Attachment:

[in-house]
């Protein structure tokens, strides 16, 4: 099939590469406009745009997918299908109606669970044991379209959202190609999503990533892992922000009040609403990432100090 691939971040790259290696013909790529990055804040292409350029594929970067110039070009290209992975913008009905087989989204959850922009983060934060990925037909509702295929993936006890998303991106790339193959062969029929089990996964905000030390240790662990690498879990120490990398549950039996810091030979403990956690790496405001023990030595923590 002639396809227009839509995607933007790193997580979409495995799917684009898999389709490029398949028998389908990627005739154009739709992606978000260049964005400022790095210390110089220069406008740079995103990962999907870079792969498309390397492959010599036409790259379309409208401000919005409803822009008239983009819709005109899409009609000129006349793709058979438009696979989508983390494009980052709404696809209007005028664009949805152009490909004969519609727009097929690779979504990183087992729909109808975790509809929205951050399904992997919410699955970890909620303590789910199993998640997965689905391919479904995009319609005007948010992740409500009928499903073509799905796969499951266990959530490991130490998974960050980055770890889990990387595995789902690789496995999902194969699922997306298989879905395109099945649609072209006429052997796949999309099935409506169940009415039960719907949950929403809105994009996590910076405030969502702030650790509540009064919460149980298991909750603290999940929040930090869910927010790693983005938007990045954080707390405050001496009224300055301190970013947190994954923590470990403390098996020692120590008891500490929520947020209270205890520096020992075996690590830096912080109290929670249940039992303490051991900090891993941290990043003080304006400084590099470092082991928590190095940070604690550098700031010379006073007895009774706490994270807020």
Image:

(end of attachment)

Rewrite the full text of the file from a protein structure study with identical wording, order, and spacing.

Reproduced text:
[in-house]
């Protein structure tokens, strides 16, 4: 099939590469406009745009997918299908109606669970044991379209959202190609999503990533892992922000009040609403990432100090 691939971040790259290696013909790529990055804040292409350029594929970067110039070009290209992975913008009905087989989204959850922009983060934060990925037909509702295929993936006890998303991106790339193959062969029929089990996964905000030390240790662990690498879990120490990398549950039996810091030979403990956690790496405001023990030595923590 002639396809227009839509995607933007790193997580979409495995799917684009898999389709490029398949028998389908990627005739154009739709992606978000260049964005400022790095210390110089220069406008740079995103990962999907870079792969498309390397492959010599036409790259379309409208401000919005409803822009008239983009819709005109899409009609000129006349793709058979438009696979989508983390494009980052709404696809209007005028664009949805152009490909004969519609727009097929690779979504990183087992729909109808975790509809929205951050399904992997919410699955970890909620303590789910199993998640997965689905391919479904995009319609005007948010992740409500009928499903073509799905796969499951266990959530490991130490998974960050980055770890889990990387595995789902690789496995999902194969699922997306298989879905395109099945649609072209006429052997796949999309099935409506169940009415039960719907949950929403809105994009996590910076405030969502702030650790509540009064919460149980298991909750603290999940929040930090869910927010790693983005938007990045954080707390405050001496009224300055301190970013947190994954923590470990403390098996020692120590008891500490929520947020209270205890520096020992075996690590830096912080109290929670249940039992303490051991900090891993941290990043003080304006400084590099470092082991928590190095940070604690550098700031010379006073007895009774706490994270807020």
Image: